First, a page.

An Open Letter to Breakthrough Generation

“If Millennial-led groups automatically adopt the old fights of environmental Boomers, the next few decades of climate policy could be doomed to look a lot like the last few.”

That’s how The Atlantic’s Robinson Meyer closed his recent article on the Sunrise Movement, acceding to the pressure from green groups to remove carbon capture from their Green New Deal proposal. Obviously, I find that move distressing, since excluding carbon capture (and nuclear, and large hydroelectric, and more technologies that aren’t wind and solar) makes the lift of deep decarbonization nigh impossible.

But beyond that, Meyer’s line resonated with me. It states quite succinctly the central ethos of Breakthrough Generation.

Breakthrough Generation is the Breakthrough Institute’s youth research fellowship. Every summer, 5-10 recent college graduates and grad students join our research staff for the summer studying energy systems, food and agriculture, conservation, human development, technological innovation, urbanism, and more. Their diverse, sharp perspectives, analytical skills, and energy form an essential part of Breakthrough’s research every year. I’ve had the privilege of running the program for 7 years now and it’s one of the best things I do in life.

But Breakthrough Generation was also founded on the Kuhn-ian insight that paradigm shifts are a, well, generational affair. Human societies won't solve 21st-century environmental problems using the same thinking that solved 20th-century problems. We need new solutions, new technologies, new politics. Millennials and the generations that follow us should be equipped with an appreciation of history, philosophy, and science, but also a new perspective and a new set of ideas to tackle today’s challenges.

That’s the core mission of Breakthrough Generation. What feels different every year is that more and more Millennials (and not a few Gen Z-ers) are getting more and more influence. Robinson Meyer, a Millennial, implored Sunrise Movement, itself a Millennial-led organization, to reconsider their ways. Alexandria Ocasio-Cortez, Dan Crenshaw, and scores of other Millennial legislators now hold the levers of power. Many of the founders and executives I meet here in Silicon Valley are Millennials. Indeed, Jesse Jenkins, a Millennial and one of the founders of Breakthrough Generation, was just published in The New York Times making the case for an energy vision beyond 100% wind and solar.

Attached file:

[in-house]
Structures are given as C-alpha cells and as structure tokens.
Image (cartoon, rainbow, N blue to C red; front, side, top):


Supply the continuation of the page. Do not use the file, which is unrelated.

The particulars of a post-Boomer vision of the future are up for discussion. I would not expect, nor even hope, that all young people share the precise ideas of the Breakthrough Institute. Breakthrough Generation was founded to create a new environmental politics. And like the larger set of tools we hope to bring to confront climate change, biodiversity loss, food production, and other environmental challenges, that politics will be diverse. That politics will be contested. But it should not mirror the disputes and divisions of previous generations. That way lies paralysis.

There is nothing innately special about being a Millennial. We can be as misguided and mistaken as any humans. But we weren’t raised in the same world as our parents, and we don’t have to accept the same restrictions they put on themselves. We don’t have to do as we’re told when our elders tell us to share in their technophobia, their polarization, their paralysis.

So if you are a Millennial, or Gen X-er, or a Boomer who’s tired of Boomer politics, or just a person who doesn’t go in on all this generationalism but imagines a better future, I would ask of you: don’t do as you're told. Recognize your voice and your power. And recognize that while our parents and grandparents bequeathed us a world better than any that came before it, they also left us their problems, and we don’t need to limit ourselves to their tools to solve them.

Applications to the Breakthrough Generation Fellowship are due on February 12, 2019.